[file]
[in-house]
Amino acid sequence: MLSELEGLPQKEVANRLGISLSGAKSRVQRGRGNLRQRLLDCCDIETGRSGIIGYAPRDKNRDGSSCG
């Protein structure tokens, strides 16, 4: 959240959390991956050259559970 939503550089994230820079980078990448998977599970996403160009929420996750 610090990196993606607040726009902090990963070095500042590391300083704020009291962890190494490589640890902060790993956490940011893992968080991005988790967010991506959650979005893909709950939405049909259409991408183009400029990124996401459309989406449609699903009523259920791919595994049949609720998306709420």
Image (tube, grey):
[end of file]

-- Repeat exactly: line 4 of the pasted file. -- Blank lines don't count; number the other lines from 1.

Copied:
Image (tube, grey):